This article contains Peacemaker spoilers.
The Peacemaker finale had at least two more scenes that we’ve added to the long list of “I can’t believe they filmed that” shots this show pulled off. It also made a huge change in the status quo for the DCEU’s clandestine services.
After Peacemaker, Vigilante, and the gang successfully blew up the cow WITHOUT resorting to using the Scabies Helmet, Adebayo held a press conference to set the record straight. She counteracted the butterflies’ accusations against Peacemaker, and in the process exposed her mother, Amanda Waller, and the entire Task Force X operation to the entire world.
If you’re thinking “that probably won’t end well for the team,” you’re right! There’s some comics history to the Suicide Squad being outed, and none of it’s good.
Senator Joseph Cray was a real piece of work. The fake legislator, created by John Ostrander and Luke McDonnell in their classic Suicide Squad run in the late 1980s, was in trouble for steering government contracts in exchange for bribes. So he decided to try and weasel his way out of it using the Suicide Squad. First, he tried to get Derek Tolliver, the team’s liaison with the National Security Council installed above Waller, so Tolliver would answer to him. When that didn’t work, he dangled his classified knowledge of Task Force X over Waller, threatening to expose the team.
Rick Flag decided to solve this problem himself, heading off to murder Cray and Tolliver before the team could be exposed. Waller had been trying to deal with it before Flag went lone wolf, so she sent the team to stop him. Eventually Flag managed to kill Tolliver, but before he could get Cray, Flag was stopped by Deadshot, and the team ended up exposed anyway.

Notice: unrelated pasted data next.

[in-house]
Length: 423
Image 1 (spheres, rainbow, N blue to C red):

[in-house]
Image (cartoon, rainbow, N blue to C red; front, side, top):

THE JANUS DIRECTIVE
The exposure of Task Force X leads almost directly into the big crossover of the Ostrander/Kim Yale/McDonnell era of Suicide Squad: “The Janus Directive.” This was a crossover between all of DC’s clandestine services at the time – Checkmate (led by, among others, Harvey Bullock and the Doom Patrol’s Negative Woman); Waller’s Task Force X; Sarge Steel and King Faraday’s Central Bureau of Intelligence; the self-explanatory Project Peacemaker; Force of July, a group of patriotic-themed superheroes led by Major Victory; and Captain Atom handlers Project Atom.
Waller, running the Squad through a proxy after its exposure and a subsequent public relations-fueled face turn, began to get more erratic, sending the Squad on missions that appeared to have no nexus to United States national security interests, but were entirely personal. This set all of the other clandestine services against them, and we get a good eight or nine issues of deep state warfare.
Turns out Waller hadn’t actually gone rogue, though. She found a plot by Kobra (a terrorist group of religious fanatics – think AIM if they were led by Serpentor) to replace her, cause trouble that world governments would need to focus on, and leave Kobra free to commence the Kali Yuga, a global catastrophe that they believed would underpants gnome them into power. Waller was trying to flush out any traitors in on the game.
PEACEMAKER SEASON 2
Sounds like a pretty strong basis for the new next season of Peacemaker, doesn’t it?
The DCEU’s clandestine side is extremely undeveloped to this point. We know Task Force X is part of ARGUS, but besides them, we only know of the services that exist in the real world – the FBI, CIA, NSC, etc. DC Comics has a lush, completely bananapants gang of spies, feds, and paramilitaries. And honestly, television might just be the place to introduce this.
The other argument for drawing from “The Janus Directive” for season 2 is the perspective shift. Peacemaker was a player in the original story, but the point of view character was very much Waller. Seeing this event through Chris’ eyes would be a fascinating shift and entry point into all of this craziness.
Based on how good season one of Peacemaker was, whatever we get in the next one should be good. But this might be the best possible option.